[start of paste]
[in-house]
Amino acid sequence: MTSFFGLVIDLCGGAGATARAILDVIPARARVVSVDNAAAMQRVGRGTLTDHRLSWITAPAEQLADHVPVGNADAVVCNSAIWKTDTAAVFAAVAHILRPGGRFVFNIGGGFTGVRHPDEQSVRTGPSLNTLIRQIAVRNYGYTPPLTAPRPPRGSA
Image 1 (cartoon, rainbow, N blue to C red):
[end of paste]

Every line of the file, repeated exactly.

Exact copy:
[in-house]
Amino acid sequence: MTSFFGLVIDLCGGAGATARAILDVIPARARVVSVDNAAAMQRVGRGTLTDHRLSWITAPAEQLADHVPVGNADAVVCNSAIWKTDTAAVFAAVAHILRPGGRFVFNIGGGFTGVRHPDEQSVRTGPSLNTLIRQIAVRNYGYTPPLTAPRPPRGSA
Image 1 (cartoon, rainbow, N blue to C red):